This post, by Adelaide ‘Ada’ Robinson, originally appeared on her blog “The Accidental Scientist“, on February 3rd, 2017. It is reposted here with permission.
The text outlines Ada’s idea to research the documentation of “The Rite of Spring” for her Independent Study module, which is part of the MA Library Science at #CityLIS.
Ada has a longstanding interest in ballet, and was inspired to combine her knowledge and enthusiasm for the art with her academic studies in library science, after attending the #docperform symposium last year.
We are very much looking forward to Ada’s finished work and hope to post it here later in the year. In the meantime, you can follow Ada’s progress over at her blog.
We also hope to encourage more dance documentation enthusiasts to join us.
You can follow Ada on Twitter @adafrobinson
“So what does ballet have to do with library science?”
… Is a question people have been asking me a lot over the past week. Hopefully, I’ll soon have an answer. Welcome to Independent Study: dance edition.
The question of how to document dance first came to me at the ‘Documenting Performance’ conference, (October 31st, 2016), which had a mix of fascinating talks by speakers from both LIS and performance studies. Topics covered included theatre, live street entertainment, darkness, and dance. Since that day – as a huge ballet fan and library science student – I’ve been thinking about the idea of documenting dance more and more.
While researching Stravinsky’s ‘The Rite of Spring’ for work, I found that there are over 150 different versions of the production. Different dances, set to the same music. However, the original Ballet Russes production, choreographed by Vaslav Nijinsky, has been lost. When the time came for someone to attempt a first revival of the show, they found that no-one remembered the original choreography.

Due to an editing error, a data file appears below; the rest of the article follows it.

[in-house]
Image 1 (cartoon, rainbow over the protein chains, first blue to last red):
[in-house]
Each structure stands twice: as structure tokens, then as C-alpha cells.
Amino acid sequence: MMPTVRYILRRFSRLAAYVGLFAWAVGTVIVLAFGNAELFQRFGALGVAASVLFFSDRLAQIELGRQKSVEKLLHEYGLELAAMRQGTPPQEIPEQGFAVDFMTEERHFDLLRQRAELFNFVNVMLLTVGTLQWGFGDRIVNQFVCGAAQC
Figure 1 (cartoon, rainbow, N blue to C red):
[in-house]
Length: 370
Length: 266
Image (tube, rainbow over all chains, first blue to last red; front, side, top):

Dancers from the Ballet Russes in costume for the first ever production of The Rite of Spring in 1913. Photograph: Keystone/Getty. The Guardian https://www.theguardian.com/music/gallery/2013/feb/12/igor-stravinsky-rite-of-spring).
While this might be par for the course for some ballets – I have a children’s encyclopedia (featured in the first photo above) that describes a multitude of shows lost to the ages – you would have thought that the Rite would have escaped that fate. Because on May 29th, 1913, the first performance of ‘The Rite of Spring’ ended in a riot. Stravinsky’s innovative and intense music, coupled with Nijinsky’s avant-garde choreography (depicting a human sacrifice), terrified and incensed their first audience in Paris. It was a scandal that rocked the arts world, and was possibly the most talked about performance of its time.
My first question: And no-one thought to write down the steps?
Second question: How do you even write down choreography?
This forms the beginning of my as-of-yet-untitled Independent Study. The topics I am going to cover in my research – and in weekly blog updates – will be as follows:
- How ballet choreography is documented and passed on to companies.
- How/why choreography etc can be ‘forgotten’.
- What methods different choreographers have used to recreate forgotten or lost productions.
- ‘The Rite of Spring’ as a case study.
- Why performance studies can be useful to LIS.
(The Concise Oxford Dictionary of Ballet, Horst Koegler, OUP, 1977).
I go to the ballet a lot, and I’m pretty active in the balletomane community. However, I don’t know a great deal about how choreography works and how shows are documented. I have DVDs of certain productions, but I’m still not sure on how the choreography of classic ballets survived in the pre-camera era. That will be the first question I tackle, and next week I’ll update with a short review of my findings.
I also thought it would be fun to show videos of dancers in rehearsal at the end of each post, so here is a clip from a rehearsal of Wayne McGregor’s Woolf Works, which is currently showing at the Royal Opera House. If you get a chance – go. I saw it last night and I think it’s one of the best modern ballets there is, and the score is absolutely beautiful too.